Evening Architecture

An orb weaver spider who has taken up residence in the open area just outside my condo.  I’ve been watching it over the last week, and I am utterly amazed by what this industrious arachnid accomplishes on a daily basis.  (I’m not a real big fan of spiders overall, but this one’s pretty cool.)

Orb weavers are responsible for making those perfect Halloween webs, long spokes with spiraling threads woven in between.  They are one of the most common spiders, with 10,000 species that make up about 25% of all spiders worldwide.  They’re found everywhere on earth except the poles, and come in all shapes, sizes and colors.  (Mine is one of the boring brown yet disturbingly large ones.  I guess when you’re that big, fancy coloring be damned.)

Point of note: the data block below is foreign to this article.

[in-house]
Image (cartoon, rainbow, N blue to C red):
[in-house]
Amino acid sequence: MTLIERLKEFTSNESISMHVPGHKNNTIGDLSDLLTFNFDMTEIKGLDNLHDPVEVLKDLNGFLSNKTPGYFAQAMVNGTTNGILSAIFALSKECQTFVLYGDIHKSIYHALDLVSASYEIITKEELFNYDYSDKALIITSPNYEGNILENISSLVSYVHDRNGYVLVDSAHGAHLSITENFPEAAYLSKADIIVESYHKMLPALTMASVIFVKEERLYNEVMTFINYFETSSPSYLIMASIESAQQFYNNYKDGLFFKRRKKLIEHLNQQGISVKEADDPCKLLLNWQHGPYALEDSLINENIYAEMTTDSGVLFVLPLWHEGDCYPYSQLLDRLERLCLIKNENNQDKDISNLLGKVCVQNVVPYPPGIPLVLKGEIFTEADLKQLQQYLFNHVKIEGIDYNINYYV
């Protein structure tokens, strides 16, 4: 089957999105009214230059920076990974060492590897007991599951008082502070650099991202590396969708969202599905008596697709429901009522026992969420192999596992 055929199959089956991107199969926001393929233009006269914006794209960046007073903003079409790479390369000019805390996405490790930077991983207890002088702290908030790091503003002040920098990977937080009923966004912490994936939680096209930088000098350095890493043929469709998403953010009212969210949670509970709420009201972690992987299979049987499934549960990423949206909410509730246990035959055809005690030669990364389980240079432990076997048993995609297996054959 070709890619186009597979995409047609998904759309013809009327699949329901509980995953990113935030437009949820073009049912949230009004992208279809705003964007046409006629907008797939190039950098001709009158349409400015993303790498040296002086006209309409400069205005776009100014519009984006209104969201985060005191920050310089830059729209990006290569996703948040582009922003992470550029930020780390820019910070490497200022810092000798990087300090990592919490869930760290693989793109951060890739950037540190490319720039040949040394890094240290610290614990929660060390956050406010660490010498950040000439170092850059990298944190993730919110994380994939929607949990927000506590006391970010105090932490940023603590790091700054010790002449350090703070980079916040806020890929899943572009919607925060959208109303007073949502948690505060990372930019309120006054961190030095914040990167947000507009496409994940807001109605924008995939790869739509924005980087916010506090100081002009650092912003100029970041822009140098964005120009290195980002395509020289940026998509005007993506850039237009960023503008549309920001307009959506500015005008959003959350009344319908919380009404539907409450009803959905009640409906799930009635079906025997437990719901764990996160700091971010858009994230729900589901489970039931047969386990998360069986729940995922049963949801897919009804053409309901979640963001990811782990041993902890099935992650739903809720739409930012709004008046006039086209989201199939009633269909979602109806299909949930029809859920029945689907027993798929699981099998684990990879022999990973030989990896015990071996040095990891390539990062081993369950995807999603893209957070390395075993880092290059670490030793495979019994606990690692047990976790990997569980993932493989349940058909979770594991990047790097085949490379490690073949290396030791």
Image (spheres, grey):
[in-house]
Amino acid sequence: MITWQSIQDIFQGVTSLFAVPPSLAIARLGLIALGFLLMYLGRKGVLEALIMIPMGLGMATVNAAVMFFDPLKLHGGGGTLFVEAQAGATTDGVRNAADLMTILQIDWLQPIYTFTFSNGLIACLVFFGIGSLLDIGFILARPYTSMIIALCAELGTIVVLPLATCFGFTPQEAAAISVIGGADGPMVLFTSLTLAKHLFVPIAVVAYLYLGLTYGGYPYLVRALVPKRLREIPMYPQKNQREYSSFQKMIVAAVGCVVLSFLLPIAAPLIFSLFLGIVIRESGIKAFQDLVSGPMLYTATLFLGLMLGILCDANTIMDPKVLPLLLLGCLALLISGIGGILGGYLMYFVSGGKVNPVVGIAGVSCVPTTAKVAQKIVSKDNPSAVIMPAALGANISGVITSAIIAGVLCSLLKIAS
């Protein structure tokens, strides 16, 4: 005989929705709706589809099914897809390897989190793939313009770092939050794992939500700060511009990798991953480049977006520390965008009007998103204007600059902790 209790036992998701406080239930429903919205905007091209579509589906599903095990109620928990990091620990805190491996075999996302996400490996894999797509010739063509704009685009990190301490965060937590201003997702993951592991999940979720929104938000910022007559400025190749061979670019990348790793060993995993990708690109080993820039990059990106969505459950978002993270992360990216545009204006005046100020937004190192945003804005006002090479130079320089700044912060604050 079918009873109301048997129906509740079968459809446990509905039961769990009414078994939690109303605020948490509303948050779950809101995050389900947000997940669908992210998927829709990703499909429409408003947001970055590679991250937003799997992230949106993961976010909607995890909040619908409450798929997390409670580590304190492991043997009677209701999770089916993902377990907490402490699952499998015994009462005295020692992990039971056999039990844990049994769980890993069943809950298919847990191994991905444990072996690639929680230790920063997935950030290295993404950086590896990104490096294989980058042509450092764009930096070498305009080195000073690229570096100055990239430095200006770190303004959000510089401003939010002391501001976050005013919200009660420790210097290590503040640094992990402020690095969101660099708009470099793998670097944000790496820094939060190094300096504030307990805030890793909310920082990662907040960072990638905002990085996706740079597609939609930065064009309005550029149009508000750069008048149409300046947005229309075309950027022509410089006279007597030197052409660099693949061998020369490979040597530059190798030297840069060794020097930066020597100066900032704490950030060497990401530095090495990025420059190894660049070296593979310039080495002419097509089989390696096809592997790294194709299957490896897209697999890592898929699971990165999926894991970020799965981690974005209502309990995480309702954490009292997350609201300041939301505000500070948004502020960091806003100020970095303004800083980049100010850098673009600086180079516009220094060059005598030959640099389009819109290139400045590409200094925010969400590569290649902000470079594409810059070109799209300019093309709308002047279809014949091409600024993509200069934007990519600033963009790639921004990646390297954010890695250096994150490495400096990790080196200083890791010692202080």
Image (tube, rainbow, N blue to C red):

Every evening just around dusk this 8-legged behemoth drops from the oak tree in the field and somehow catches enough wind to swing over to the far building to secure the first anchor line.  From there he attaches the other spoke lines and then spins away from the center until the evening’s intricate architecture is complete, seemingly suspended from nothing.  He hangs there all night, the dark shadow at the center of a barely perceptible net.

(Thankfully the spider has the good manners to spin over the field and not across the walkway.  The web is truly a work of art, but not one I care to unexpectedly wear when I come home at night. Eww..)

By the time I leave for work in the morning it’s gone, dismantled at dawn by it’s creator. Every web a one-night performance.  A fleeting installation of natural artistry.

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